Simply spoken: yes, but with some limitations. These limitations vary between kernel
versions and tend to get smaller. Please read information about particular
Q: How to catch exactly one event?
Use the IN_ONESHOT flag. You will receive only the first occurred event.
Q: What means IN_IGNORED and when is emitted?
IN_IGNORED is emitted when a watch is removed. You should
catch this event and handle it properly.
Q: What means IN_Q_OVERFLOW?
IN_Q_OVERFLOW is emitted when the appropriate queue is full and can't take
more events. If this event occurs frequently you should read events faster
and eventually increase the limit for queues. This limit can be read and
changed by reading/changing the appropriate procfs file (/proc/sys/fs/inotify/max_queued_events).
Q: What about the IN_ONLYDIR and IN_DONT_FOLLOW flags?
IN_ONLYDIR ensures that the event occur only on a directory. If you create such watch
on a file it will not emit events. IN_DONT_FOLLOW forbids following symbolic links
(these ones will be monitored themselves and not the files they point to).
Q: My inotify.h doesn't contain IN_ONLYDIR and IN_DONT_FOLLOW values. Can I use them anyway?
Yes, you can, but you must define these symbols manually or use their bitmasks
directly. However, these ways are not recommended. The better one is to install
a file which already contains these values (see Download).
Q: What is the difference between IN_MODIFY and IN_CLOSE_WRITE?
The IN_MODIFY event is emitted on a file content change (e.g. via the write() syscall) while IN_CLOSE_WRITE
occurs on closing the changed file. It means each change operation causes one IN_MODIFY event (it may occur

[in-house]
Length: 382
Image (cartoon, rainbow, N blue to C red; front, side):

many times during manipulations with an open file) whereas IN_CLOSE_WRITE is emitted only once (on closing
Q: I write to a file using fprintf() and it doesn't emit IN_MODIFY in some cases. Where is the problem?
Library functions like fprintf() use memory buffers and they needn't always accomplish a syscall to do a real writing to a file.
If the real write is not called no IN_MODIFY is emitted. You can force the writing e.g. by calling fflush() but it will
negatively affect program performance if done often.
Q: Is it better to use IN_MODIFY or IN_CLOSE_WRITE?
It varies from case to case. Usually it is more suitable to use IN_CLOSE_WRITE because if emitted the all changes
on the appropriate file are safely written inside the file. The IN_MODIFY event needn't mean that a file change is
finished (data may remain in memory buffers in the application). On the other hand, many logs and similar
files must be monitored using IN_MODIFY - in such cases where these files are permanently open and thus no
IN_CLOSE_WRITE can be emitted.
Q: Why doesn't work IN_MODIFY nor IN_CLOSE_WRITE on my file?
There is probably a program which doesn't save changes directly into the original file. It creates a temporary
file instead, saves data into it and after closing it renames the file to the name of the original one.
It is safer but complicates monitoring. The exact mechanism of working with files must be investigated (tools
strace can be useful) and the monitoring setup must be tailored to it.
Q: Can I monitor executing a program?
Not directly. You can monitor accessing the executable file (IN_ACCESS) but not
distinguish between reading and executing. There is possibility to examine procfs
consecutively but it is not reliable.
Q: How to report bugs?
If you think it's really a bug, you can report it through the
Kernel Bug Tracker
or post it into the Linux Kernel Mailing List.